Friday, March 03, 2017

Housing advocates drop banners across Boston to set the stage for landmark City Council hearing

Housing advocates drop banners across Boston to set the stage for landmark City Council hearing

Boston residents to flood City Hall hearing demanding passage of eviction protections

JCE banner-brookside close.jpg  

Friday, March 3rd, 2017: From the JP/Rox redevelopment zone to the Allston/Brighton neighborhood, housing justice advocates dropped large-scale banners Friday morning, a few days in advance of Boston City Council’s hearing on the Jim Brooks Community Stabilization Act. Banners unfurled from windows and rooftops, and some were displayed at street-level to passing traffic. “Stop Displacement: Pass the Jim Brooks Act” and “Don’t Displace Boston Residents” were a few of the banners’ statements. Banners were displayed on Storrow Drive, Morrissey Boulevard, Brookside Avenue, and other sites across Boston.


The banner-drops concluded a week of intense debate and fierce battle over affordable housing in Boston's quickly-gentrifying neighborhoods. At the Monday, March 6th City Council hearing on the Jim Brooks Act (formerly known as the “Just Cause” ordinance), homeowners, tenants, and community activists are expected to flood the City Council Chamber to demand the Act’s passage. The Act, named in honor of the late housing justice and disability rights organizer Jim Brooks, is an emergency protection bill sponsored by Mayor Marty Walsh.

The Jim Brooks Community Stabilization Act is intended to protect residential tenants against arbitrary, unreasonable, and retaliatory evictions, and to ensure tenants are aware of their legal rights and the available resources to help preserve their tenancies.  

Darnell Johnson, Coordinator of the Right to Remain Coalition including over 40 local community-based organizations, said, "In a city with 67% renters, high foreign interest and outrageous speculation, Bostonians are taking back their city and City Council must act."

A final banner-display is scheduled for Friday afternoon, March 3rd, at the corner of Dorchester Avenue and Hancock Street in Dorchester from 3:30pm to 5:30pm.

WHO is the Right to Remain Coalition?

Right 2 Remain Coalition and partners: anchored by Right to the City Boston in partnership with Boston Tenant Coalition: ABDC, Action for Regional Equity, Allston Brighton CDC, Alternative for Community and Environment, Asian American Resource Workshop, Asian Community Development Corp, Black Economic Justice Institute, Boston Homeless Solidarity Coalition, Boston Jobs Coalition, Boston Workers Alliance, Brazilian Worker Center, Castle Square Tenants Organization, Chelsea Collaborative, Chinese Progressive Association, Chinatown Resident Association, City Life, Codman Square NDC, Community Labor United, Dominican Development Center, Dorchester Bay EDC, Dorchester People for Peace, Dudley Street Neighborhood Initiative, 100% Egleston, Fair Housing Center of Greater Boston, Fairmount Indigo Line CDC Collaborative, Fenway Community Development Corp., Greater Boston Labor Council, Greater Bowdoin/Geneva Neighborhood Association, Greater Four Corners Action, Homes for Families, JP Neighborhood Council, JP Neighborhood Development Corp, Jamaica Plain Progressives, Jobs with Justice, MA CDC, Mass Vote, Matahari, Mattapan United, Neighbors United for a Better East Boston, New England United for Justice, Progressive Communicators Network, Progressive Mass, Reclaim Roxbury, 1199SEIU United Healthcare Workers East, SEIU 32BJ (District 615), Union of Minority Neighborhoods (from Right to Remain Coalition)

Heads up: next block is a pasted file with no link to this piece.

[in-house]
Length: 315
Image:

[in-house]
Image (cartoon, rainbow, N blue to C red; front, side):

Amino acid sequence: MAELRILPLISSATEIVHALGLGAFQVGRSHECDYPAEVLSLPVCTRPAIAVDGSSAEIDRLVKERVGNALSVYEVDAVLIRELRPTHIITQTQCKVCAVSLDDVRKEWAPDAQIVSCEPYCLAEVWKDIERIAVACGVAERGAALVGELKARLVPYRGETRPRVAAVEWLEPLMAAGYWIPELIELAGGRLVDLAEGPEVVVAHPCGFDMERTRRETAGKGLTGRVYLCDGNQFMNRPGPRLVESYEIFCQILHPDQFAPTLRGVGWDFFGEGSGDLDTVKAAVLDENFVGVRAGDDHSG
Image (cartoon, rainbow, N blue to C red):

WHY the Jim Brooks Community Stabilization Act?

On Monday March 6, the Boston City Council will hear testimony on the Jim Brooks Community Stabilization Act: An Emergency Protection Bill sponsored by Boston Mayor Marty Walsh. Now, renters in privately owned housing can be evicted for no reason when their lease expires, or any time if they have no lease. Under this new law, large landlords and banks would have to give a legitimate reason for eviction. The law would let the City track eviction notices and provide tenants with information and resources to stay in their homes.

Displacement in Boston is widespread -- from Chinatown to Dorchester, East Boston to Roxbury, and Mattapan to Jamaica Plain. Corporate, non-resident and speculator landlords are purchasing homes in these communities, evicting current residents and raising rents to attract wealthier tenants. Cuts in government spending for housing has added pressure to the private rental market. The Boston Housing Authority has a waitlist of 40,000 households for 15,000 units while budget cuts eliminated 1,500 rental subsidies last year.